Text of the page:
As generative artificial intelligence (AI) continues to be in the spotlight, a group of Japanese experts has established a think tank to prevent copyright issues stemming from using AI models in the creative process.
Dubbed the “Anime Chain Preparatory Committee,” the think tank includes AI and blockchain experts in Japan. In a report by Animation Magazine, the think tank is building an AI model with opt-in training data for anime creators to use without the hassle of dealing with copyright claims.
The model will rely on blockchain to ensure the “transparency and legitimacy” of training data, recording processes on-chain for clarity. Anime Chain says its primary objective is to build a safe environment for creators, which it intends to achieve by seeking the express consent of copyright holders.
“With our goal to respect creators’ rights, we will provide a generative AI rebuilt from the foundation model utilizing only opt-in material that has received the consent of the rights holders along with related tools,” read the report
Outside of preventing intellectual property issues, the preparatory committee is keen on solving the labor shortage problem in Japan’s anime industry. Despite its soaring population, there has been a steady decline of animators in the industry, but introducing an AI system may keep the content mill running.
The think tank says the new platform will return earnings generated from AI to both creators and the original IP rights holders, with a record of all keyframes and images recorded on a publicly distributed ledger.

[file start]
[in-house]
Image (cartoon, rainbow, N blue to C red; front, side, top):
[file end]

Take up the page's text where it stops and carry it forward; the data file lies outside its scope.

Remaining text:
Anime Chain unveiled a three-step plan designed to help attain its lofty objectives, starting with establishing a cooperative framework for creators and industry players. The framework will guide the use of AI-generated content while creating revenue-sharing rules.
The second stage of the plan will involve the creation of a foundational model trained with data obtained with the permission of copyright holders. The third stage will see the think tank use blockchain to onboard new creators and IP holders while pursuing a decentralized governance model.
Copyright issues threaten the future of generative AI
Across the Pacific, several creators have dragged AI developers to court for using illegally obtained materials to train their large language models (LLMs). OpenAI, Meta (NASDAQ: META), and Anthropic are mounting a defense in U.S. courts against aggrieved IP rights holders, with the industry watching the outcome of the legal proceedings.
In 2023, Japanese experts warned that the absence of AI copyright regulations may lead to an avalanche of legal battles in the near future. In June, Japanese lawmaker Takashi Kii raised the alarm over the lack of regulations protecting copyright holders from AI misuse.